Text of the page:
Arthur Britton Edwards "Roots"
Articles: Sarasota History
A.B. Edwards was born on October 2, 1874 within 5 miles of where the Sarasota County Courthouse stands. The oldest of five boys, when his father, John L. died in 1886, and his mother, Mellie Frances (nee Ange) died four years later, your Arthur felt the weight of sadness when he saw the family split up among relatives and friends.
In 1864, John L. Edwards, a Confederate soldier from Jefferson County, Florida, was seriously wounded in a South Carolina engagement and left behind on the battlefield, which happened to be the plantation of William Oden Ange, a well-to-do South Carolina farmer. After the smoke of rifles and cannon had floated into the distant hills, Mr. Ange strode out into his broad fields to survey the havoc that war had done to his home land. He stumbled upon the body of the wounded soldier, whose gray uniform was caked with blood, but in whom a spark of life still glowed.
The farmer hurried back to his house for help and returned to carry the wounded man back to the farm house. For weeks, John L. Edwards hovered between life and death, but the tender care by the farmer, his wife and family of four daughters and two sons nursed the soldier through every crisis – and John L. Edwards refused to die. Listed at the end of the war as “missing in action and presumed dead,” the Edwards family was overjoyed when one day later in 1865, John L. trudged up the wagon trail to a happy reunion with his parents and two brothers, who also had been Confederate soldiers but had returned home after the war, unscathed.
Doctors advised young Edwards (a veteran at age 26), that he should leave the north Florida plantation and go to the sea coast and get the benefits of salt air and salt water to restore his health. He made his way to Tampa where he bought a 36-foot sloop-rigged sailboat and embarked on a cruise to Key West, where he had been informed, he could get work as a skilled mechanic and cabinet maker in the shipyards maintained by the British government.
Young John L. was returning to Tampa in the winter of 1867-1868, when dusk found him off shore at Big Sarasota Pass, with his fresh water supply running low. By nightfall, he was anchored in Sarasota Bay with plans to go ashore the next day to look for fresh water. At daybreak he was surprised to see another sailboat anchored nearby. The stranger rowed his dinghy over to Edward’s sloop and introduced himself as John A. Gilfallon, a vacationer from Denver, Colorado.
Edwards and Gilfallon cruised up the eastern shore of Sarasota Bay until they spotted a small rivulet of water trickling into the bay at what is now the “Uplands,” near present-day Edwards Drive. They followed the rivulet through the woods and discovered a spring-fed pond filled and over-flowing. For the next three weeks they slept on their boats, hunted, fished and relaxed around their campfire.
After Gilfallon left, John L. decided to exercise his veteran’s rights to file for a homestead of 160 acres. After establishing his claim he wrote to his benefactor in South Carolina, William Oden Anger, to thank him again for his many kindnesses to a wounded soldier, and to tell him about his new-found paradise in Florida.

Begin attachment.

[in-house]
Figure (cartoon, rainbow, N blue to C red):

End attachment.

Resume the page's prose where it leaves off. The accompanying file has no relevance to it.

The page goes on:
In the fall of 1870 Ange paid a visit to John Edwards in his garden. Ange had sold his plantation in South Carolina, packed his family and worldly possessions in a caravan of ox-carts and mule-pulled wagons, and set out for the paradise that Edwards had written about so lovingly and glowingly. The excursion had taken them nearly six months, and the Ange clan had settled on a piece of high wooded ground along Lockwood Ridge.
John L. Edwards and Mellie Frances Ange were wed in 1871 and moved into a log cabin at the present “Uplands.” A daughter, Josephine, was born in 1872 in the log cabin, as were all seven of their children. In 1874 Arthur arrived followed by William, Louise, John Jr., Henderson and Irvin.
Not long before his father died, young Arthur hired out to help build a fishing camp in the Indian Beach area. A Negro man approached A.B. and told him the “Boss said to see Mr. Art who would show him what to do. Pretty soon the Negro asked, “Mr. Art, what’s your other name?” “Edwards,” was the reply, “Arthur Edwards.”
“Glory be,” exclaimed the Negro, “Maybe you knows the man I’se been alookin’ foh, a man named John Edwards.
Young Arthur was astonished by this remark and asked why his new “friend” was looking for John Edwards.
“Well suh, its like dis. Durin’ de war I wuz born on a plantation up in Jefferson County, and de ole’ Massa who owned my daddy an’ mommy gave me to his son, John, who wuz away fightin’ de war. When de war end and us slaves wuz freed, lots of us didn’t know what to do. We jus drifted around. Finally, I gets tired of not knowin’ nuthin’ or nobody, so decides I’se gonna go find the man I belongs to. I heard Mr. John wuz down in these parts so here I come a-lookin’ for him. My name’s John Mayes Edwards.”
When work was over for the day, Arthur and his new-found ‘brother’ went to the Edwards’ log cabin and received a joyous welcome from John Edwards, who had never forgotten about his young ‘slave.’
John Mayes never left this area again but remained here to become one of the community’s Negro leaders and several of his descendants are following in his footsteps.
John L. Edwards never had fully recovered from the wounds that nearly ended his life in 1864/ In his 46th year the war veteran began to fail rapidly and he died not long after the Scots Colonists made their historic settlement here in 1885. In the 18 years that he spent in this area, he had become a solid citizen. When not farming or hunting, he found time to read the Bible and on Sundays he often served as an itinerant Baptist preacher throughout the area. He was held in high esteem by all who knew him.